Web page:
Top Citigroup Analyst Sees Apple Finally Cheap Enough to Buy

Investors may have gotten used to Apple Inc. (NASDAQ: AAPL) rising day in and day out ahead of and immediately after its stock split. That came with a stark realization that nothing, even the mighty Apple, can see its price rise forever. It probably felt extreme that Apple’s stock had sold off almost 25% as of Monday’s open from its peak this month, but one analyst believes that the selling has gone too far too fast.

Citigroup’s Jim Suva, who had a street-high target back in June before the stock split, has reiterated his Buy rating and raised his price target to $125 from $112.50. That might not seem much of an upgrade, but Apple opened at $104.54 on Monday, during the big drop that has been seen. Apple shares were down about 24.2% from the all-time high of $137.98 seen shortly after the split.

Investors should know that Apple tends to fall after meteoric rises with stock splits, and it also happened on what is historically a very bad month for average stock performance. The drop in the stock price has allowed Citi’s Suva to become more objective, now that the price has adjusted back to somewhat normal levels.

One thing that Citi has been consistently positive about is that gains against Huawei and others could result in additional sales amounting into the billions of dollars. Apple’s upcoming iPhone 12 is expected finally to unlock that ecosystem and iPhone super-cycle that has been touted by many Wall Street analysts.

Citi still expects strong incremental sales out of Apple’s wearables and from its services that make up its ecosystem. The firm has seen a continued praise of revenue diversification and unique products. All this and the services boost that come into play are expected to generate a continued level of strong cash flows from Tim Cook and the team. The firm also expects high levels of capital to be deployed back to shareholders via stock buybacks and dividend hikes in the years ahead.

The difference between Citi’s $125 target and the rest of the pack of analysts is that the firm no longer is anywhere close to the most ambitious in the price target. While the consensus analyst target is at $118.39, other firms have been much more aggressive. These are just some of the price targets elsewhere that are handily above consensus and above Citi heading into or after the stock split:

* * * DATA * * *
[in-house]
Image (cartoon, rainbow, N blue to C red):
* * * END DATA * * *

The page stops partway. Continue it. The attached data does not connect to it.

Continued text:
• JPMorgan ($150)
  • Wedbush Securities ($150)
  • Argus ($150)
  • Monness Crespi & Hardt ($144)
  • Needham ($140)
  • Bank of America ($140)
  • Jefferies ($135)
  • Cowen ($132.50)
  • Morgan Stanley ($130)

Apple is expected to post earnings of $3.24 per share, according to Refinitiv’s sell-side consensus estimate for fiscal year 2020. The consensus for 2021 is $3.87 per share. Apple has been more of a repurchaser of its own shares, but the current $0.82 per share annualized dividend payout ratio is only about 25% of its expected earnings this year, leaving far greater room for dividend hikes, even if earnings do not grow materially over time.

Apple still has the status of the world’s most valuable company at $1.8 trillion. One thing that is not as impressive these days is that its dividend, despite many annual payout hikes, still only generates a 0.77% dividend yield.

While investors would include Apple in almost all “forever portfolios,” this of course always depends on what price has to be paid to own it. Even the great Warren Buffett is a big owner of Apple these days.

Apple has been praised consistently for its mountain of cash and capital. The iPhone maker counted about $93 billion in cash and short-term investments as of June 30, 2020, and it also listed about $100.6 billion in long-term marketable securities. This means Apple has ample room to fund dividend growth for years, even with no material earnings growth. For the record, almost every analyst on Wall Street keeps modeling for earnings growth in Apple.

Apple’s stock was last seen up almost 0.3% at $107.15 a share. While that is a very modest gain, it is on a day when the Dow Jones industrial average was down over 2% and the S&P 500 was down right at 2%. It’s also about 2.4% higher than its $104.54 opening bell price on Monday.

Apple has a long history of selling off after stock splits, but a sell-off of nearly 25% is beyond the norm that we have tracked.

If Citi’s call is proven right, Apple could be among the stocks that could get the Dow above 30,000 heading into 2021.

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